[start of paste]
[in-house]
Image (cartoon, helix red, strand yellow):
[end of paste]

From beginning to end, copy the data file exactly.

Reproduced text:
[in-house]
Image (cartoon, helix red, strand yellow):